Forty years on, it remains a remarkable match. Not only did it captivate American soccer’s growing audience of the day and provide a fairytale finish for a global legend, Soccer Bowl ’77 also cast the pathway, for better or worse, for a club and a country seeking to development a professional presence.
For those who witnessed the NASL final between the glamorous New York Cosmos and unfashionable (outside Cascadia) yet fearless Seattle Sounders, it left an indelible mark on the memory. Just a glimpse of the video or photos awakens the senses.
Of course, there was the epic backdrop: a gray, late summer Sunday afternoon, Portland’s Civic Stadium crammed full of 35,548 spectators, some sitting cross-legged on the artificial turf, just a few feet from the field’s boundaries.
There is the ‘Oh, no!’ moment of a partially deaf Sounders keeper being fleeced of the ball for the game’s opening goal. There is the rapid reply of Seattle to equalize, the relentless pressure and the sheer openness–rarely found in a final–that leads to dozens of chances (22 shots on target, two others by Seattle off the frame itself). And there is the chaotic scene at the final whistle, the crowd streaming onto the pitch and the shirtless Pelé running and hugging his teammates.
Such a day is impossible to forget. August 28, 1977 is a date holding significance to sporting historians. Earlier this summer a journalist and film crew from Italy preparing projects to mark the 40th anniversary stopped in Seattle. Among those they interviewed was Jimmy McAlister, then a 20-year-old homegrown rookie and postgame recipient of Pelé’s green jersey.
For those who played in the match, particularly those who represented Seattle, they don’t require media to validate its importance. Locals like McAlister and Vancouver’s Tony Chursky were living the dream; they had grown-up never even fantasizing such a scenario. Most of the Sounders were Britons. Some had first-division pedigree, others were plucked from England’s third and fourth tiers. The captain, Adrian Webster, whose odyssey included a semipro stint in Vancouver, recently wrote a book about it.
Then there are those who watched the drama unfold. Some were lucky enough to buy one of 8,000 tickets allotted to Sounders fans the morning after ousting LA in the semifinals. At least that many worked the secondary market. All in all, at least half of the record throng was firmly behind Seattle. The rest of the 56,000 who attended that semi were glued to our TVs, watching the syndicated broadcast on Channel 7.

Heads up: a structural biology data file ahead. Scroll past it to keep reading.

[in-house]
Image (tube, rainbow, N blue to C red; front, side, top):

While emotionally draining, Sounders players and fans alike have long taken solace in the fact that our boys fought the good fight. They never backed down. After winning seven straight they were deserving finalists and believed the championship was within reach.
The Cosmos were arriving in Oregon having scored 19 times in five playoff games; Giorgio Chinaglia remains the most ruthless finisher ever to roam this continent. These were Galácticos decades before Real Madrid coined the phrase. Carlos Alberto was a World Cup-winning captain, Franz Beckenbauer a two-time (and reigning) Ballon d’Or winner. Although 36, Pelé remained a formidable force. The majority of neutrals believed the Black Pearl was fated to go out a winner.
"It would be great for Pelé if he finished off his career with a victory," quipped Seattle coach Jimmy Gabriel on the eve of Soccer Bowl, "but I’m afraid he’s going to be very sad."
Banking on his team’s supreme fitness and commitment to one another, Gabriel asked his players to incessantly swarm the Cosmos. "Jimmy said (the Cosmos) are better at the continental, South American-style slow build-up, but we’re not going to get into that kind of game," says David Gillett, Sounders centerback. "We’re going to unsettle on the ball from the very beginning."
"Paul Gardner, the TV commentator, didn’t think we could keep up that pace. (But) we were a pretty fit team," added Gillett. "We wanted to make it a good final and leave it all on the field, and we had taken control of the game."